This US study questioned 5,700 middle and high school students aged between 12 and 17.

Cyberbullying victimization chart.
Source: Cyberbullying Research Center
  • 34% had experienced cyberbullying at some point in their lifetime.
  • 70% had experienced having rumors spread about them online.
  • 12% admitted to having cyberbullied others.
  • Girls were more likely to have been cyberbullying victims while boys were the more likely perpetrators.
  • 64% of those who had been cyberbullied said it affected their learning and their ability to feel safe while at school.
  • 83% of those who had been recently cyberbullied (within 30 days) had been bullied recently while at school as well.

Pew Research Center American Trends Panel, 2014

While this study is older, it offers some insight into the world of adult online bullying.

  • 73% have witnessed online harassment and 40% report having been harassed online.
  • 60% have witnessed offensive name-calling online and 27% have experienced being called offensive names.
  • 53% have witnessed someone making efforts to purposely embarrass another person online and 22% have experienced such actions against themselves.
  • 25% have witnessed someone being physically threatened online and 8% have been threatened themselves.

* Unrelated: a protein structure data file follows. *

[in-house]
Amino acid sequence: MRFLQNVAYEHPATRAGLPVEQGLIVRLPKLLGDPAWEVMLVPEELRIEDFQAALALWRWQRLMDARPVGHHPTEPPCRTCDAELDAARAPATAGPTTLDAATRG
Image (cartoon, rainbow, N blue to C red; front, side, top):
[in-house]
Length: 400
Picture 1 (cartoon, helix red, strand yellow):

• 24% have witnessed sustained online harassment over a period of time and 7% have experienced this firsthand.
  • 19% have seen sexual harassment online and 6% have been sexually harassed.
  • 18% have witnessed online stalking and 8% have been stalked.

This study also found that men and women suffer different forms of online harassment as shown in the chart below.

Online harrassment chart.
Source: Pew Research Center

Facebook bullying implications

Although the effects of Facebook bullying can be similar to those of face-to-face emotional bullying, there are a couple of factors that set these two types far apart.

Anonymity

One of the allures of using social media as a platform for bullying is the anonymity factor. While Facebook’s Terms of Service doesn’t allow people to use fake names, it doesn’t actually verify users on signup. As such, it’s very easy for someone to hide their real identity while using the platform.

Over on Facebook-owned Instagram, these anonymous accounts have the name “finstas,” short for “fake Instagram,” but really this is happening across platforms. In some cases, bullies even make accounts in their victim’s name for the sole purpose of ruining their reputation. This means that many would-be bullies who wouldn’t dream of carrying out these acts in a public landscape have a different avenue to pursue.

An alarming and largely unexplained trend that’s surfacing amidst cyberbullying is kids actually cyberbullying themselves. The Cyberbullying Research Center study we discussed above found that six percent of children questioned admitted to creating anonymous profiles for the purposes of sending themselves hateful messages. This has been compared by psychologists to acts of physical self-harm, and dubbed “digital self-harm.”